4.9.4.40 Actuarial Valuation Certificate for Lifetime or Life Expectancy ATE Income Streams Paid from SMSFs or SAFs

Summary

This topic is about the requirements for actuarial certificates for lifetime or life expectancy ATE income streams paid from SMSFs or SAFs.

It covers:

  • when is an actuarial certificate required to be provided to DHS,
  • when is an actuarial certificate not required,
  • what are the specific requirements for actuarial certificates,
  • separate certificate for each ATE income stream,
  • where an actuarial certificate does not specify high probability or a positive opinion,
  • where an actuarial certificate is certified outside of the 26-week grace period or provided to DHS after the additional 3-week period, and
  • debt waiver provision for 100% ATE income streams in SMSFs or SAFs.

When is an actuarial certificate required to be provided to DHS

Actuarial certification requirements are applied to lifetime or life expectancy ATE income streams sourced from SMSFs and SAFs. They may also be applied to products from commercial providers where there are concerns that the income stream is being offered on terms that are not standard commercial terms.

APRA imposes stringent reserving standards on institutional providers of income streams so that purchasers can be confident that they will receive the payments specified under the income stream contract, trust deed or governing rules for the product. Reserving standards relate to the fund having sufficient assets to meet pension payments over the life of the product.

These standards, in part, have been incorporated into the Superannuation Industry (Supervision) Regulations 1994 via Modification Declaration (MD) 23 (see note below) and Amendment of MD 23 in relation to pension payments. The standards imposed via MD 23 and Amendment of MD 23 seek to extend the reserving requirements to lifetime or life expectancy ATE income streams offered from SMSFs or SAFs so that reserving standards are consistent for all providers of lifetime or life expectancy ATE income streams.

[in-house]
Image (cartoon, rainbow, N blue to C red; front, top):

Note: These requirements are given legislative backing by MD 23 and the Amendment of MD 23 to the Superannuation Industry (Supervision) Act 1993, and by determinations made by the Secretary of DSS under SSAct section 9A(1B) and section 9B(1D).

An actuarial certificate is required to be provided annually to DHS. A grace period of 26 weeks is provided from the start of the financial year so that a new actuarial certificate for the current financial year can be obtained from an actuary. An actuarial assessment for the ATE income stream must be signed off by the actuary within 26 weeks of the end of the 'in force' period (i.e. 29 December each year).

An income support recipient has an additional 3 weeks from the end of the 26 weeks to provide the certificate to DHS (i.e. 19 January each year).

Once an income support recipient has provided a new actuarial certificate, the 26-week grace period finishes irrespective of whether or not the certificate specifies a high probability opinion.

Act reference: SSAct section 9(1)-'income stream', section 9(1)-'superannuation fund', section 9A(1B) Guidelines relating to actuarial certificates, section 9A(1C) Exception to paragraph (1)(b), section 9B(1C) Exception to paragraph (1A)(b), section 9B(1D) Guidelines relating to actuarial certificates

Social Security (Actuarial Certificate-Lifetime Income Stream Guidelines) Determination 2012

Social Security (Actuarial Certificate-Life Expectancy Income Stream Guidelines) Determination 2012